3 Biggest Barriers to Women Reentering the Workforce
Most everyone was hit hard by the pandemic (except many a tech bro, to be honest), but women were decimated. Female job losses due to COVID-19 are 1.8 times higher than men’s job losses, according to research from the McKinsey Global Institute. As of February 2021, women lost 5.4 million jobs during the pandemic compared with 4.4 million lost by men. Indeed, things have been so bad for working women during the early waves of the pandemic that some called the economic aftermath a “shecession.”
And this isn’t all in the past tense. Rather, it’s not as though the first waves of the pandemic crashed and then women just got up, brushed themselves off and went back to work. Things are still bad. According to a new report from the National Women’s Law Center, more than 1 million men entered the labor force in January, compared to just 39,000 women.
Why aren’t women joining the workforce in droves, as men are? What is holding them back and how can we — as a society — overcome these barriers?
Reminder: Barriers Women Face Existed Long Before the Pandemic
“The lack of women re-entering the workplace in a post-COVID economy presents an interesting question,” said Kia Roberts, principal and founder of Triangle Investigations. “Is this cultural phenomenon because of issues that existed within the workplace prior to COVID, or because of workplace conditions that have been exacerbated by the pandemic? I am of the opinion that it is a combination of both.”
The ongoing pandemic has exacerbated workplace pain points that were already problematic before 2020.
“Lack of childcare support, indifference to women caring for elderly parents and pay inequities have caused many women to reflect on how they feel about their particular workplace, and if jobs are in line with the lives that they are trying to create for themselves, both personally and professionally,” Roberts said.
The Widening Gender Pay Gap
The gender pay gap has been a crucial problem for eons, and the pandemic only worsened it, just as it agitated the already pressing issue of more men holding tech positions than women. Victoria Mendoza, HR and management expert and CEO at MediaPeanut, sees this profoundly in the tech community.
“The gender pay gap has widened as the number of women in our field has declined during the pandemic,” Mendoza said. “If we look at the statistics, according to data from the National Center for Women & Information Technology, women make up 47% of all working individuals in the United States, yet women only occupy just 25% of computing positions. Asian women account for just 5% of the 25% of women working in technology, while Black and Hispanic women account for 3% and 1%, respectively. All of this is despite the fact that, according to Pew Research Center statistics, the expansion of STEM occupations has surpassed the growth of total employment in the country, expanding 79% since 1990, while overall employment has expanded 34%.”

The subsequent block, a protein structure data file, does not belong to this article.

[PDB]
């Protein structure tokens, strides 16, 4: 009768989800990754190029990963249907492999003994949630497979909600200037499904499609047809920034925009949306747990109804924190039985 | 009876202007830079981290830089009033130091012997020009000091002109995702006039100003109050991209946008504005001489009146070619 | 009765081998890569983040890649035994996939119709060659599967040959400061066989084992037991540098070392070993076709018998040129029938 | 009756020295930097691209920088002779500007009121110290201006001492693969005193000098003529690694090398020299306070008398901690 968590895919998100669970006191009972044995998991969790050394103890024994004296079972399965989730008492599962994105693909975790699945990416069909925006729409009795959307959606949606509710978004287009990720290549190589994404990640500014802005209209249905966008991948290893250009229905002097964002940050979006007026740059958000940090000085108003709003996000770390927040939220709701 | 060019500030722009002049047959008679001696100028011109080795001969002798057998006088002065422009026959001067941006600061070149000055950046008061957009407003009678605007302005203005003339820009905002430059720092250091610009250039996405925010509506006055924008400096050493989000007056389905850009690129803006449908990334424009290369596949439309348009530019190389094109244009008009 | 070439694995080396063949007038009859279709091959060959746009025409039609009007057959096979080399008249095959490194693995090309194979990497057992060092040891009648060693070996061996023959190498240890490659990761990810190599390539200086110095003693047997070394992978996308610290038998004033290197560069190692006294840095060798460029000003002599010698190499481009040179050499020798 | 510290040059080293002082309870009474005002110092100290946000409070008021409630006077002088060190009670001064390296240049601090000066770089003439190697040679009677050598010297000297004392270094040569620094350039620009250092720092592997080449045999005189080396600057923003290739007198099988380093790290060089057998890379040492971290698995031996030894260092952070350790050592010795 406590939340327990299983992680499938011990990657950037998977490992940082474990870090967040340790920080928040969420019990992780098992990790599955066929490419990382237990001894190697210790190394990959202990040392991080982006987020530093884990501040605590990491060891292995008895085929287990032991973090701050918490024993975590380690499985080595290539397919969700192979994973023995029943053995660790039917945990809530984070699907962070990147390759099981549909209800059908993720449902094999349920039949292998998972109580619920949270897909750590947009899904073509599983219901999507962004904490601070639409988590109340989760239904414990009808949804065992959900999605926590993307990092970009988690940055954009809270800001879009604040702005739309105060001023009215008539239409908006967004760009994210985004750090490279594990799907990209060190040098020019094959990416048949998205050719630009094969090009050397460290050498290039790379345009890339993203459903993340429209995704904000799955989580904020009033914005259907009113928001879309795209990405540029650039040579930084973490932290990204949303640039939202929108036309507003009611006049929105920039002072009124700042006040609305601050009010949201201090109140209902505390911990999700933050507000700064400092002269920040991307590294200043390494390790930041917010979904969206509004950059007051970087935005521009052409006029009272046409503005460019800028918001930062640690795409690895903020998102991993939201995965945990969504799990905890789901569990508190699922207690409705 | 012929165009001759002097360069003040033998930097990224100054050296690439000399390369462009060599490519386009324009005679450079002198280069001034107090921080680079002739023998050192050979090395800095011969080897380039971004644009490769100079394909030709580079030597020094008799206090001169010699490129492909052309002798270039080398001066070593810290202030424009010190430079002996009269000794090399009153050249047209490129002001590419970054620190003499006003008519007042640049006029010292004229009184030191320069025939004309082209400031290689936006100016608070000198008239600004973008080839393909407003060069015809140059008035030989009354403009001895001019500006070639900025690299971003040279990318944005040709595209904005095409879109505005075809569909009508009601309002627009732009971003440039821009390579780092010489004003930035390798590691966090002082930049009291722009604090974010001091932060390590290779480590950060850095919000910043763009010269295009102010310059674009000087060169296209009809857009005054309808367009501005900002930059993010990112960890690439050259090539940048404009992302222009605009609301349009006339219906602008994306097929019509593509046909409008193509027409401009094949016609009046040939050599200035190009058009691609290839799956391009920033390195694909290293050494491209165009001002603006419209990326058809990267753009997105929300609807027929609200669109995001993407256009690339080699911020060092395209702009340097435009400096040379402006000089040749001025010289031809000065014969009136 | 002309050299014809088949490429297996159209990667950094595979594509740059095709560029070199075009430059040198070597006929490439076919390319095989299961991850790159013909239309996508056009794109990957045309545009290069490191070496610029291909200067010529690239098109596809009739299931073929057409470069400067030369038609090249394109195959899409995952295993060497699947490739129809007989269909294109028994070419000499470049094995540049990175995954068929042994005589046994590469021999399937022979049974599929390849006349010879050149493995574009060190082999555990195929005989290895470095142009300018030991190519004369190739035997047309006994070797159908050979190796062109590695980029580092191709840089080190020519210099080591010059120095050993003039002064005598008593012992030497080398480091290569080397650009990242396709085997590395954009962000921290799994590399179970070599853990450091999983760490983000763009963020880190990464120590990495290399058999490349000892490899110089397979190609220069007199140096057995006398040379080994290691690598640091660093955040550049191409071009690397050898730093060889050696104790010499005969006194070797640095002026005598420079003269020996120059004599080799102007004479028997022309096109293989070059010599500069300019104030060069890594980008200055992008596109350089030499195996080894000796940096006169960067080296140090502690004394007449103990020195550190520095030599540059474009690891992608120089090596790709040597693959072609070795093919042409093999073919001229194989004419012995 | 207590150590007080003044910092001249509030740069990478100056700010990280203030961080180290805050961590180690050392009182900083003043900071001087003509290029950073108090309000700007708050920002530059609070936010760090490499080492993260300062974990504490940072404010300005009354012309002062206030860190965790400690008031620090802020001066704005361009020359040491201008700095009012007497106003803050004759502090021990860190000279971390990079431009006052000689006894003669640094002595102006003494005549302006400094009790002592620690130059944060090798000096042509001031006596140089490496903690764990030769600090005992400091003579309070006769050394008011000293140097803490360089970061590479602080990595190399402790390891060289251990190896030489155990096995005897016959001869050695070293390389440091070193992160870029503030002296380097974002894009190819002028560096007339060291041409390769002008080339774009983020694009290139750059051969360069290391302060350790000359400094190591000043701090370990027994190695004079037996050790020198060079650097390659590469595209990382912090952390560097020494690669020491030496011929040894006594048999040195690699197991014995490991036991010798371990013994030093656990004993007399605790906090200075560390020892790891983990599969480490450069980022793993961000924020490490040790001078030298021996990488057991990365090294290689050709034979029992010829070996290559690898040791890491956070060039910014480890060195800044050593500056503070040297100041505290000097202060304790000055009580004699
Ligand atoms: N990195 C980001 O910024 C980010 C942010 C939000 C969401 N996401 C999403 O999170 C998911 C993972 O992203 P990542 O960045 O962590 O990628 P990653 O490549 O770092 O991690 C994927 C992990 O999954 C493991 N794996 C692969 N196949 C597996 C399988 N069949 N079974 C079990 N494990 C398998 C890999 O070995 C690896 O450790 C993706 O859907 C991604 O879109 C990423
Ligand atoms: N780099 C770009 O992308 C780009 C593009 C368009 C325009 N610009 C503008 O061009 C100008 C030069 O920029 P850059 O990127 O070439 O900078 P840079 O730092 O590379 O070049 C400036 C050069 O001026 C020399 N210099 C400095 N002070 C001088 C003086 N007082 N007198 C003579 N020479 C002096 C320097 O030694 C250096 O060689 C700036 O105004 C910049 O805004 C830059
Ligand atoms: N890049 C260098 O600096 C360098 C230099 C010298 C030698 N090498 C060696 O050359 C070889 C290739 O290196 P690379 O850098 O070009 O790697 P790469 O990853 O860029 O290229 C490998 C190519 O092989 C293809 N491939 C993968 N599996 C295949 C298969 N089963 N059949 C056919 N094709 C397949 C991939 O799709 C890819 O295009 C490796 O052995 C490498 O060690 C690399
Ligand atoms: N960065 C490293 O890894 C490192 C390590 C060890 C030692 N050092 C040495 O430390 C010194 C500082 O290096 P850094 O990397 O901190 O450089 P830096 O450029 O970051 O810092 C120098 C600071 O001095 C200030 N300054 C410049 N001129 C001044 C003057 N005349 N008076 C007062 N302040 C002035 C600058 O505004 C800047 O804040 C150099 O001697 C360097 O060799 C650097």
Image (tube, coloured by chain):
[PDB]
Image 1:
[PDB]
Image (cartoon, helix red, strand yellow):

Lack of Child Care Access
Another barrier is the lack of access to child care.
“During the pandemic when daycare and schools closed overnight, working mothers continued to work their paid jobs while caregiving,” said Vicki Salemi, Monster career expert. “In turn, many women reduced their hours or left their jobs entirely as a result.”
Women continue to face gender bias in the labor market, said Andrew Flowers, labor economist at Appcast.
“One pernicious source of gender bias exists in the job search process — job ads with gender-coded words or words associated with gender stereotypes,” he said. “These biased ads may cause female candidates to not apply.”
A Very American Situation
These barriers are tall and mighty, and ultimately very American.
“In comparison to other countries, American women are standing alone,” said Leanne Meyer, founder of Carnegie Mellon Women’s Executive Leadership Academy and author of “Climbing the Spiral Staircase: How Women Can Navigate their Careers and Accelerate Success.” “In other countries, the message behind public policies is that women are valued, their contribution is important and they need to be part of the economy. Social programs are created to communally look after everyone so that women and working parents can actively participate in that economy.”
“The U.S used to lead globally when it came to female labor force participation; we no longer do.” she continued. “This is the impact of no social safety nets, of a society that sees having children and participation in the economy as individual choices. As a result, each woman must figure it out for herself.”
What Employers Can Do To Help
While the onus is, as usual, on women to navigate this mess, there are moves employers can make to help defeat these barriers, or at least show they’re sensitive to them. Kathleen Quinn Votaw, CEO of TalentTrust, shared some ideas:
- Listen to women’s needs and explore the perceived barriers with the intention of trying to overcome them.
- Embrace the hybrid work model if the role allows it.
- Be flexible; all workers crave flexibility right now — especially women who usually are the ones who have to pivot if something happens in the home.
- Create a community and working environment where women feel safe.
- Remember all your employees are human beings. Create a relationship where they can trust you and you can trust them.
- Check in regularly on what they need, and have empathy for the changing dynamics of the work environment and their home.
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